CLIMATE BOOKS

Climate Literature: Art From Ecocide

I think it’s safe to say that we all know about the climate crisis. But where does the climate come into literature?

In recent years, a new literary genre has been emerging, but no one quite knows what to call it. Let’s call it climate fiction: literature that presents and explores the theme of climate change in one way or another.

This sort of fiction has only come to the attention of readers recently, with noteworthy releases such as Margaret Atwood’s The Testaments and Amitav Ghosh’s Gun Island. But what if I told you that climate fiction has deeper roots than that? For one, what we call science fiction has often acted as a guise for ecological concerns. What makes it science fiction, however, are the tropes of futuristic technology and post-apocalyptic settings. What turns science fiction into climate fiction, according to publisher and novelist Amy Brady, is writers turning to “the here-and-now, in worlds that aren’t speculative or futuristic at all, but rather unnervingly familiar.”

Margaret Atwood goes further to suggest the use of the term ‘cli-fi’. She claims that while dystopic novels used to focus only on repressive political regimes, they are now more likely to present a “challenging landscape” at the centre of the conflict. Moreover, what makes climate fiction such as Atwood’s MaddAddam trilogy so impactful is that the reality of the fiction could be – is – our own.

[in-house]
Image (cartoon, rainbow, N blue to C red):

Climate fiction’s past goes well beyond science fiction, only it never had a name. The Poetic Edda, the most expansive source on Norse mythology, was surprisingly packed with ecological issues. Texts such as this opened up the possibility for ecocritical readings, that is reading a text from an environmental point of view. But climate fiction isn’t stuck in the past, and neither is it a prediction of the future. In fact, novelist and essayist Siobhan Adcock argues that there is “nothing the least bit speculative” about climate narratives; rather, such fiction should “generate radical empathy” for those who are suffering from climate change.

If this is the case – if climate fiction is preoccupied with the present – then what is the future for this genre? Omar El Akkad, author of speculative fiction, predicts that the very term ‘climate fiction’ will soon disappear, in the same way that we don’t use the phrases ‘love fiction’ and ‘loss fiction’. Love and loss are “foundational components of the human experience”, he states – soon, climate change will be a similarly collective experience. Soon, climate change will be universal, and thus it won’t need its own genre

Reading enriches your understanding, drives you to action, and equips you for change. Reading about climate change is no different. If you want to read about climate, here are some good places to start:

  • Oryx and Crake – Margaret Atwood
  • Flight Behaviour – Barbara Kingsolver
  • Clade – James Bradley
  • American War – Omar El Akkad
  • Gun Island – Amitav Ghosh
  • The Overstory – Richard Powers
  • Mother of Storms – John Barnes
  • State of Fear – Michael Crichton
  • The Carbon Diaries – Saci Lloyd

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